John 13:1-20 Washing Feet

Now before the Feast of the Passover, when Jesus knew that his hour had come to depart out of this world to the Father, having loved his own who were in the world, he loved them to the end. During supper, when the devil had already put it into the heart of Judas Iscariot, Simon’s son, to betray him, Jesus, knowing that the Father had given all things into his hands, and that he had come from God and was going back to God, rose from supper. He laid aside his outer garments, and taking a towel, tied it round his waist. Then he poured water into a basin and began to wash the disciples’ feet and to wipe them with the towel that was wrapped round him. He came to Simon Peter, who said to him, “Lord, do you wash my feet?” Jesus answered him, “What I am doing you do not understand now, but afterwards you will understand.” Peter said to him, “You shall never wash my feet.” Jesus answered him, “If I do not wash you, you have no share with me.” Simon Peter said to him, “Lord, not my feet only but also my hands and my head!” 10 Jesus said to him, “The one who has bathed does not need to wash, except for his feet, but is completely clean. And you are clean, but not every one of you.” 11 For he knew who was to betray him; that was why he said, “Not all of you are clean.”

12 When he had washed their feet and put on his outer garments and resumed his place, he said to them, “Do you understand what I have done to you? 13 You call me Teacher and Lord, and you are right, for so I am. 14 If I then, your Lord and Teacher, have washed your feet, you also ought to wash one another’s feet. 15 For I have given you an example, that you also should do just as I have done to you. 16 Truly, truly, I say to you, a servant is not greater than his master, nor is a messenger greater than the one who sent him. 17 If you know these things, blessed are you if you do them. 18 I am not speaking of all of you; I know whom I have chosen. But the Scripture will be fulfilled, ‘He who ate my bread has lifted his heel against me.’ 19 I am telling you this now, before it takes place, that when it does take place you may believe that I am he. 20 Truly, truly, I say to you, whoever receives the one I send receives me, and whoever receives me receives the one who sent me.”

Washing Feet

Once a year at Moody, on Maundy Thursday, the professors and staff of Moody wash the students’ feet.  I have done this twice, but other years I have missed it.  It starts as an embarrassment to me.  It is not embarrassing because it is an act of servitude, it is embarrassing because it is an act of intimacy.  I feel unworthy to have my students allow me to wash their feet.  They reveal a part of themselves that is most often hidden and I wash it.  After a few sets of feet, though, the embarrassment wears off and I enjoy just washing people’s feet.

In ancient days, though, the issue was different.  The feet were constantly exposed to the elements and the dust.  The feet would be dirty and tired.  The lowest servant would have the job of cleaning and refreshing the guests’ feet.  Jesus takes that role and so he exemplifies servant leadership.  He puts his positional power and status to one side and communicates the power of service.  To serve one another, we need to see what each other need.  We need to meet those needs by replacing our desires to protect ourselves and control our environment with a desire to love God and others and potentially sacrifice ourselves to serve them.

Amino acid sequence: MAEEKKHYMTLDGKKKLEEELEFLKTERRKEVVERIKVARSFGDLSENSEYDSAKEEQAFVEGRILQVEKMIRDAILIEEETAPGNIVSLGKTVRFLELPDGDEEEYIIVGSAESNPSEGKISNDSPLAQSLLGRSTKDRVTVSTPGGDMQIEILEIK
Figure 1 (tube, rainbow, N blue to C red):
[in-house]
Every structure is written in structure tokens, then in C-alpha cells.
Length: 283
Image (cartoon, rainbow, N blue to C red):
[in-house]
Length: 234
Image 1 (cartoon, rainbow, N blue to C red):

Today you will probably not have a chance to wash anyone’s feet.  I get to wash my children’s feet in the bath, but in general it doesn’t come up.  However, holding the door open for someone, letting someone cut in in traffic, and giving up a seat on the ‘L’ are ways that we can start to put our own selves to one side.  Once we are faithful in the little things the larger sacrifices might come more easily.

Prayer

Lord, make me an instrument of Your peace;
Where there is hatred, let me sow love;
Where there is injury, pardon;
Where there is discord, harmony;
Where there is error, truth;
Where there is doubt, faith;
Where there is despair, hope;
Where there is darkness, light;
And where there is sadness, joy.
O Divine Master, Grant that I may not so much seek
To be consoled as to console;
To be understood as to understand;
To be loved as to love.
For it is in giving that we receive;
It is in pardoning that we are pardoned;
And it is in dying that we are born to eternal life.
Questions
  1. What does Jesus do for his disciples?
  2. Why does Peter object?
  3. Why is Judas highlighted?
  4. How has Jesus washed your feet?
  5. How will you lead the way in service of others today?
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About Plymothian

I teach at Moody Bible Institute in Chicago. My interests include education, biblical studies, and spiritual formation. I have been married to Kelli since 1998 and we have two children, Daryl and Amelia. For recreation I like to run, play soccer, play board games, read and travel.